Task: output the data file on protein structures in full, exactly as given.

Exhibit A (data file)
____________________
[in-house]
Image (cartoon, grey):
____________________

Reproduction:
[in-house]
Image (cartoon, grey):